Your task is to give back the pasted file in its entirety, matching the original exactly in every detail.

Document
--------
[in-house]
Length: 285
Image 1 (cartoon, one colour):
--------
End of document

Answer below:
[in-house]
Length: 285
Image 1 (cartoon, one colour):